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UNC at Greensboro Student Wins Research Award on Work at NCCAT

Tammy Lankford Barron, a research assistant and full-time doctoral student at the University of North Carolina at Greensboro, was chosen by the Department of Specialized Education to receive one of three Graduate Research Scholar Awards given by the School of Education at UNCG. Tammy earned an honorable mention for her study conducted last summer at the North Carolina Center for the Advancement of Teaching (NCCAT).

The inaugural UNCG School of Education Research Awards Ceremony, celebrating and honoring SOE research activity, was held on Friday, March 28, in Greensboro. Barron’s exploratory study examined the beliefs, attitudes and actions teachers make when grading in co-taught classrooms. Participants included general educators and special educators with experience in co-teaching. Findings offer insight regarding the approach teachers take in grading students with disabilities, the ways in which they collaborate with others during this process and the policies that influence actions concerning grading.

“NCCAT provided the perfect setting to gain a great deal of information from a diverse set of educators working on the front lines in our schools across North Carolina,” said Barron, of Salisbury. “The information learned at NCCAT drastically changed the direction of my future research strand. I was able to position my more quantitative analyses within a context of specific qualitative responses because of the cooperation of the NCCAT teacher participants who were willing to spend a bit of time with me.”

Barron, whose projected graduation date is May 2015, credits the success of the study to her mentor, William Bursuck and the tremendous support of Jonathan Wade from NCCAT. The Davie County native is currently working on a study based on her time at NCCAT, a national leader in professional development for teachers.

“NCCAT is constantly seeking ways to connect with the real needs of teachers, “said Wade, the Director of Programming at NCCAT who served as Barron’s site supervisor.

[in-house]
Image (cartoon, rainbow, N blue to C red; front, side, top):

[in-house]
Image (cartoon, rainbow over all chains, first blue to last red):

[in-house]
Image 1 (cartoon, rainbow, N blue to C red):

“Tammy’s efforts with us in the summer of 2013 were a great example of how NCCAT serves as a bridge for teachers who aspire to contribute to educational scholarship in ways that will remain meaningful to teachers still in the classroom.”

One of NCCAT’s areas of focus is teacher leadership. NCCAT recognizes that there are a number of ways in which experienced teachers can lead while remaining in the classroom including mentoring, curriculum development and being involved in larger school and district initiatives. NCCAT assists those sorts of efforts in a number of ways including Research and Development Teams.

“Tammy’s work with us represents another strand of teacher leadership—the teacher as a scholar,” said Wade. “It is important that teachers have meaningful input in professional organizations and in academic work, and we’re always willing to partner with teachers who want to improve education. We’re so happy for Tammy. As an intern, she was always willing to engage in our work here even as she was spending hours on her own research, and it is exciting to see hard work rewarded.”

NCCAT continues to welcome partners from institutions of higher learning.

Barron said working with NCCAT was enjoyable and educational. “What stood out the most during my experience at NCCAT is that this particular model of professional development allows a unique opportunity to bring together a diverse group of teachers from across the state in a single place with a common focus. I’m thankful that I had the opportunity to work with amazing teachers and a dedicated staff and faculty,” she said.

Two of Barron's colleagues were also honored at the UNCG School of Education Research Awards Ceremony; Sheresa Blanchard earned an honorable mention for her work with an early childhood mental health consultation program and Megan Kemmery earned top prize for her research on perceptions of students with hearing loss.